Janet Yellen Says The Economy Is Fine And Price Increases Are Just Noise

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If the economy is hunky dory, then why is the money supply going parabolic?

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The adjusted monetary base is all currency either in circulation with the public or held in bank reserve accounts at the Fed.  This chart reflects all of the money the Fed has printed since QE started.  As we know, most of this money has ended up in the  Fed’s “Excess Reserve” accounts of the Too Big Too Fail banks.  This is more than just “noise,” to borrow Yellen’s term.  There is a very specific reason for this and my co-producer and I are working on a multi-part video series explaining what we are pretty certain is going on and why most of the money printed up by the Fed – and most of the money the Fed continues to print in a parabolic fashion (see the graph above) – remains on the big bank balance sheets.

Hint:  there is a massive derivatives melt-down brewing, the likes of which will probably trigger the collapse of the dollar.

Other than that minor occurrence,  the graph above raised some interesting questions that no one in the media or Congress seems capable of asking Fed Chairman Yellen.  So I will ask them.  Please feel free to email them to the Fed.

If the economy is recovering, why is the money supply still expanding at a parabolic rate?  If the recent numbers which show accelerating inflation are just “noise” – in your words, Janet – how come my monthly grocery and gasoline and housing expenditures are roughly 25% higher than they were this time last year?   Janet, when is the last time you spent money at the grocery store or at a restaurant?  When are you going to drain the excess reserves of the big banks, which are just sitting there collecting more interest than a 30-day T-Bill?

For everyone else reading this, why are you still holding money in bond mutual funds and money market funds?   You are watching a speeding freight train with no brakes come straight at your car stuck on the tracks and yet, you seem incapable of getting out of your car and running to safety?

Get your money out of bond and money market funds and buy every dip in gold, silver and mining stocks.  For some great junior mining stock ideas, see this:  Junior Mining Stock Research Reports.

7 thoughts on “Janet Yellen Says The Economy Is Fine And Price Increases Are Just Noise

  1. anyone have the symbol for the puerto rico bond, or an ETF of it or something?
    i know bloomberg has a paid high tier service where u can get quotes on nearly anything.

    i just found out a tree fell in the bond forest, but it’s being unreported.
    dunno if it’s all of them, nor duration range, but Commonwealth of PR bonds past 2 weeks have collapsed into the 30’s bid!?

    i can’t find anything using a search, except old articles from late 2013 including ZH, & a few up to feb/2014 like forbes, & they all were forewarning, & in the articles clearly stated the bonds were trading in the 80’s price.

    1. You will probably be interested in PRs bond downgrade by Moodys. There are also ticker symbols within the article dated July-01-2014. I use to work in PR. I took a lateral transfer to another part of the country once I saw the writing on the wall. The entire island economy is based on government cronyism. Once the island goes broke the whole island heads into the toilet.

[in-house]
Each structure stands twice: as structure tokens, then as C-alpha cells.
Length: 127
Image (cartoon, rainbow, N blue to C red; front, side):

http://online.barrons.com/news/articles/SB50001424053111904248904580003610191234810

  2. Also note that the velocity of money is not indicating economic growth. Employment is a coincident indicator, but has been weak along with real wages for some time now. Housing is a leading indicator, and is now turning down again after the “echo bubble”. The Fed has done nothing but temporarily postpone the inevitable.

    “Sooner or later everyone sits down to a banquet of consequences.”- Robert Louis Stevenson

    “Permit me to issue and control the money of a nation, and I care not who makes its laws.” – Mayer Amschel Rothschild, International Banker

    “Anyone who believes exponential growth can go on forever in a finite world is either a madman or an economist.” – Kenneth Boulding, economist 🙂

    “There is no means of avoiding the final collapse of a boom brought about by credit (debt) expansion. The alternative is only whether the crisis should come sooner as the result of a voluntary abandonment of further credit (debt) expansion, or later as a final and total catastrophe of the currency system involved.” – Ludwig von Mises

    1. You are absolutely right, Bruce- ‘Also note that the velocity of money is not indicating economic growth. ‘

      The world should have learned the lesson from Wiemar or Zimbabwe or most nations in south america, where there was a tremendous deal of monetary velocity but economic growth was declining if not outright non-existent.

  3. Dawn Bennett Interviewed Michael Belkin, An Institutional and Hedge Fund Consultant and Publisher of the Belkin Report

    A: It’s pretty crazy, isn’t it? I think that number is kind of a generalization, nobody knows for sure. It’s a report that came out that the FT got a hold of. It’s kind of ironic that some of these guys are my clients. I have wealth funds around the world, and I’m telling them to sell. They are undeniably a factor beneath the surface, and they have been for a while. The Norwegian Wealth Fund owns 1 or 2 percent of all the stocks in the world, and the Chinese Wealth Fund is gigantic.